Talk about a dilemma for prospective U.S. home buyers -- although home mortgage rates continue to decline -- the average, 30-year fixed rate fell to an average rate of 4.04 percent this week, down from 4.07 percent last week, according to bankrate.com -- home values remain tricky to predict depending on where you're looking.
Some top investors are betting on a rebound
Moreover, in China, the word for "crisis" is also used for "opportunity" and with the aforementioned in mind, the U.S. housing sector certainly qualifies as an "opportunity," but it's one that prospective home buyers must research carefully.
What should prospective U.S. home buyers do?
As a preface, it's relevant to point out that very few rules will stop a couple or someone who has found their "dream house."
Hence, if you've found it, and you feel you're going to be in the house for more than a decade, the market conditions and cautions listed here aren't likely to stop you from purchasing it.
However, for those who haven't identified their dream house, keep in mind the following:
1-The mantra now isn't how much house you can afford, but the minimum amount of house you need. True, if the market suddenly recovers, that $500,000 luxury home could appreciate into a $700,000 bonanza. However, if your local market stagnates, that luxury home could be valued at $450,000 - or even less - in real terms, which means you'll struggle to recoup your initial investment. Lesson: Take on only as much how as you need, to minimize your risk.
2-Have you researched and evaluated the local economy of the town, city, or county your prospective home is in? In politics, there's an axiom: "All politics is local." The same can be said with real estate. If the local economy is strong and likely to experience job growth, the value of your home will benefit. The reverse is also true.
Hence, research the locally economy carefully. Determine what the major industries are and their prospects. Are they likely to add employees in the next five to seven years or more likely to shed employees?
Of course, it's almost impossible to predict macroeconomic conditions 10 years out, but you get the idea: based on what you know about the local employers, does the local economy have decent prospects for growth? In other words, does the local economy look more like Boston, where the prospects for growth are decent? Or like Detroit, where the local economy isn't as strong?
3-Have you bought the best house or almost the best house in the neighborhood? In today's housing market, you have to get everything right, from a home purchase research standpoint. And one key research item is the value of your home vis-à-vis those on its street and in your potential new neighborhood. That's because a sub-par neighborhood can decrease the value of your pricey home...and also make it harder to sell. Ideally, you want a house that is roughly in the middle, value-wise.
Lesson: After you've identified a prospective home, evaluate two houses to the left, two houses to the right, and a few across the street: if most are in worse condition than the one you're considering, skip it, and evaluate another house in a different neighborhood.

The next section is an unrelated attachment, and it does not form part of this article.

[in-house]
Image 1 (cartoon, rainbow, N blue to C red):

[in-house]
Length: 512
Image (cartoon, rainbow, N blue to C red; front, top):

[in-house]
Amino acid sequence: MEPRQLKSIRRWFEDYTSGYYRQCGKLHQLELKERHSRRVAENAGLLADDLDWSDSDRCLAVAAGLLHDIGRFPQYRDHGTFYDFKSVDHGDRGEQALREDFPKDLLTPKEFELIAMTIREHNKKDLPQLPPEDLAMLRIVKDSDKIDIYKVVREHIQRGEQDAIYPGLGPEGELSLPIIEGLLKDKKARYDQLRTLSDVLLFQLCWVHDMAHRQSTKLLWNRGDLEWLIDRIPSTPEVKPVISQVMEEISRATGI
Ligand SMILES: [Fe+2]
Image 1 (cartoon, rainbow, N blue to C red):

4-Did you factor-in another oil shock into your commuting budget? True, oil prices have dipped slightly in recent weeks, to about $80.00 per barrel, pushing the average U.S. price for regular unleaded gasoline down to about $3.43 per gallon. Hence, for now $5 per gallon gasoline is out of the picture. But what about 2012, 2013 and beyond? Further, a $7 or $8 per gallon gas price is possible in the U.S. -- particularly if the nation's supply of oil from the Middle East is disrupted for a sustained period.
Lesson: Stress test your commute. If the commute budget from your prospective house can't tolerate $8 per gasoline, consider a house that's closer to work and/or near a mass transit system.
5-Did you assess your, or if two people are working in the household, each person's ability to shift to a second career, if required?
If you're thinking about buying a home, odds are you're pretty secure and/or established in your job/career field. However, in the globalization era, most citizens realize that economic conditions can change relatively quickly, and healthy sectors can become not-so-healthy in a hurry. Or as professional recruiters say these days, "In the globalization era, everyone has to have two fields."
Hence, in the town/city/county you've chosen to buy a home, evaluate how quickly you could switch to a second line of work, if your first field experiences an unexpected downsizing. Does your second field's work exist within a commutable range of your prospective new home? If not, you may want to consider a home that would allow an easier transition to a second field.
Housing Analysis: The Great Recession and the changes triggered by globalization have removed much of the economic tailwind from the U.S. housing sector -- realities that have made it much harder to realize home price gains.
Hence, it goes without saying that thorough due diligence is required when considering a home purchase today, and the above five factors represent a good start.
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